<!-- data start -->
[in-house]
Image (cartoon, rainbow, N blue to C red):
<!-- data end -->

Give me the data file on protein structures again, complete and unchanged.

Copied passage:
[in-house]
Image (cartoon, rainbow, N blue to C red):